Storm Elias dumped several months-worth of rain in less than a day as it swept across Greece on Wednesday, just weeks after Storm Daniel killed 17 people in the southern European nation.
Villages were flooded, roads inundated and schools forced to close in several municipalities as Greek Prime Minister Kyriakos Mitsotakis mobilized state emergency services and military personnel to boost defenses in areas including the northern Thessaly region.
The Greek fire service said it had moved more than 3,000 people to safer locations since Tuesday as the weather deteriorated.
On Wednesday night, the European Severe Weather Database (ESWD) announced that months-worth of rain had fallen within the preceding 24 hours – and more is on the way, with the storm expected to continue at least through Thursday with heavy rain, hail, and thunder, according to Greece’s meteorological service.
The storm is mainly affecting central Greece, a region still reeling from the aftermath of Daniel, which hit the country in early September, tearing down critical infrastructure, turning villages into lakes, and killing at least 17 people.
The port city of Volos in Thessaly is among those to have been hit hard by both storms. During Daniel, Volos experienced more than 10 times its average September rainfall, while Elias has flooded roads near the port and Greek police have banned traffic circulation in the city as a precaution.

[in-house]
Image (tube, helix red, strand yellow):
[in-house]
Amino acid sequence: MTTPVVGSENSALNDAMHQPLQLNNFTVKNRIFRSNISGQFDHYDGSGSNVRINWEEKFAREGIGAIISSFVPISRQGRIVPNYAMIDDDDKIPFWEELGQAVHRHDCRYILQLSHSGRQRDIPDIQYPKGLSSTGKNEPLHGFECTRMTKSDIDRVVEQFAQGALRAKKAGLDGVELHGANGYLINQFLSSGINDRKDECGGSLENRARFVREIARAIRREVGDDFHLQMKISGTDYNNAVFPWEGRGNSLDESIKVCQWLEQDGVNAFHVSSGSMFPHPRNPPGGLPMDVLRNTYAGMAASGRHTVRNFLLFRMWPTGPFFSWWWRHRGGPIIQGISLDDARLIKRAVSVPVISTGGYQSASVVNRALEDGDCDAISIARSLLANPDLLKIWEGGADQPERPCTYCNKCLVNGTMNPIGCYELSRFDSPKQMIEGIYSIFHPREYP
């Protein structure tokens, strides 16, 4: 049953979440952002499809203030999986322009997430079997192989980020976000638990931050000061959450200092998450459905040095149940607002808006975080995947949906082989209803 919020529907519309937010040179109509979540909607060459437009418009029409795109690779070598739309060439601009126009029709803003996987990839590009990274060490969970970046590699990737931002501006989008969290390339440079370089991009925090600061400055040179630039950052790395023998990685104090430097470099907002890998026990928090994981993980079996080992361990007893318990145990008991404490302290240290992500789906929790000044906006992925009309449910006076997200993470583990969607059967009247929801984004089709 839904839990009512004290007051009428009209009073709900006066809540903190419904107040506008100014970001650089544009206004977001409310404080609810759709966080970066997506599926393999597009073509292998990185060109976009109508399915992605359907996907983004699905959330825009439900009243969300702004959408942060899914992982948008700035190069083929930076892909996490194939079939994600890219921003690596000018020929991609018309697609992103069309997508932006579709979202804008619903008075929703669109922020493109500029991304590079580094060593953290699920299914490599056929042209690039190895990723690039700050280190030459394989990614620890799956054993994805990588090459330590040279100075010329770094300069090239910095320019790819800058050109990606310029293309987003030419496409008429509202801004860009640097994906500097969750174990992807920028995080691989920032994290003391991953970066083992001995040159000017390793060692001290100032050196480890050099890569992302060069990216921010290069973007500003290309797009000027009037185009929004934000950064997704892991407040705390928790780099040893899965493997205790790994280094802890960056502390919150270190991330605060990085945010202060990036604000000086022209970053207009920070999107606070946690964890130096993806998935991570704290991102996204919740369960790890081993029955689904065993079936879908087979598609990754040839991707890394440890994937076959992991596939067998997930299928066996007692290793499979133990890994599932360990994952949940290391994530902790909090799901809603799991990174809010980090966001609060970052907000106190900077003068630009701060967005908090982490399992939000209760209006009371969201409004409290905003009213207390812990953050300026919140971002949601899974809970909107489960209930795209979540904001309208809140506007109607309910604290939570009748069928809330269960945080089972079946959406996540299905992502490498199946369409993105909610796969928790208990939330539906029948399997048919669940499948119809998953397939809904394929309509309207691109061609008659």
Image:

According to ESWD and the World Meteorological Organization, Volos saw 298 mm (11.7 inches) of rainfall in a 14-hour period from Elias, more than eight times the city’s September average.
Other cities across Greece also saw heavy rainfall. Limni saw 216 mm (8.5 inches) in 7 hours, while Istiaia saw 140 mm (5.5 inches) in 3.5 hours. Greek public broadcaster ERT reported that villages had flooded and roads collapsed on the island of Evia, which was ravaged by wildfires in 2021.
Greece is one of at least 10 countries and territories to have been hit by severe flooding this month. Scientists warn that these types of extreme weather events, affecting countries all over the world, may become increasingly common as the climate crisis accelerates, putting pressure on governments to prepare.
The floods caused by Storm Daniel, which followed devastating wildfires in the country, “have the fingerprints of climate change,” Greek environment minister Theodoros Skylakakis told CNN on September 12.
“We have had the warmest summer on record. The sea was very warm, which lead to this unique meteorological event,” he said.